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Reviewed by:
  • Steamboats and the Rise of the Cotton Kingdom
  • Paul Yandle
Steamboats and the Rise of the Cotton Kingdom. By Robert Gudmestad. (Baton Rouge: Louisiana State University Press, 2011. pp. xii, 280.)

Robert Gudmestad’s study of the trans-Appalachian South provides strong evidence that the period when steamboats dominated the Ohio and Mississippi Rivers, though brief, was surprisingly crucial to the regional division of the United States in the decades leading up to the Civil War. Gudmestad smoothly combines cultural, environmental and economic history as he ties the growth of the southern interior to the steamboat traffic that came to dominate the region’s waterways in the early nineteenth century. Gudmestad accomplishes a great deal in a relatively small number of pages, providing not only a look at how the accommodation of steamboat traffic affected the interior landscape and economy but also a glimpse at an American subculture as fluid as the waterways upon which it depended.

Contrary to common misconceptions of an easy, languid lifestyle on ante-bellum plantations, Gudmestad reveals a cotton South bustling with economic activity that tied it to other portions of the nation, particularly the Midwest. As Gudmestad reveals early in his work, after the War of 1812 the proliferation of steamboats “put the interior South on the cutting edge of technological advance in America” (23). The growth of steamboat traffic and of river-based trade also revealed “a southern willingness to adopt new technology as a way to modernize slavery” (28).

Partly because of its relationship to slavery, the proliferation of steamboats had a strong effect on the development of regional identity in the interior South. Gudmestad argues that there was a direct correlation between the successes and failures of the river-based economy and the self-perception of southern whites who relied upon it. As steamboats became increasingly important in the interior South, boosters there were willing to welcome federal aid for internal improvements at the same time that many southerners farther east were becoming increasingly distrustful of the federal government and moving toward states rights. The federal government removed snags from rivers and clear-cut [End Page 103] riverbanks to prevent trees from falling into riverbeds, helping the interior South develop a booming cotton market as well as markets for foodstuffs and lumber. Hundreds of thousands of slaves were pushed west to support the economy. Southern whites west of the Appalachians saw themselves as part of the developing West as well as the South because they traded with river towns upstream on the Mississippi and Ohio Rivers.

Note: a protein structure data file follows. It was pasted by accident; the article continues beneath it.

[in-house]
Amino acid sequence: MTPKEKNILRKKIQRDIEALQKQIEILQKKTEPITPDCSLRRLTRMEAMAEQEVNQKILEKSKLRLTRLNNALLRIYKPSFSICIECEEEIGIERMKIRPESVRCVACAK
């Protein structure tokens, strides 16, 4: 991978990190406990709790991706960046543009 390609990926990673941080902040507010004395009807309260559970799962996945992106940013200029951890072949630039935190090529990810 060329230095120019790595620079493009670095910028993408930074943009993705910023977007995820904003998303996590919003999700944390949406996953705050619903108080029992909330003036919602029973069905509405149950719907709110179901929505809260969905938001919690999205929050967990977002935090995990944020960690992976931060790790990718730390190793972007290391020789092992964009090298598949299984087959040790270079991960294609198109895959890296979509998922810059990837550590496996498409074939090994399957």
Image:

By the 1840s, however, the nation was turning increasingly to railroads, which carried goods and passengers faster and were not as subject to weather changes as steamboats. Rail networks were slower to catch on in the interior South, as trains were initially used in tandem with existing steamboat routes. Nonetheless, river-based markets began to dwindle, and southerners who previously relied on steamboat traffic became increasingly tied to developing rail networks in slave states farther east. As a consequence, Gudmestad argues, whites in the trans-Appalachian South increasingly identified with white southerners closer to the Atlantic coast as the nation moved toward Civil War.

Topical chapters lend themselves to Gudmestad’s thesis as well as providing valuable insights into the risks and cultural peculiarities of steamboat travel. Gudmestad’s descriptions in one chapter of the hierarchies of workers on the vessels reveal a hodgepodge of Irish and German immigrants, free and enslaved African Americans, as well as American-born whites. For slaves, work on steamboats could be desirable despite backbreaking work in dangerous, sweltering conditions because it allowed them a degree of mobility and access to information—and even escape—that plantation slavery did not. Another chapter on Indian removals reveals the surprisingly integral part that steamboats played in the process, adding to our knowledge of the brutality endured by the Five Civilized Tribes.

Pertinent maps and well-labeled illustrations enhance the work. A series of appendices provide helpful information regarding the calculations of tonnage, fatality rates, and other estimates used throughout the book, along with appropriate caveats about potential problems surrounding the figures. Gudmestad’s book is well researched and fits well...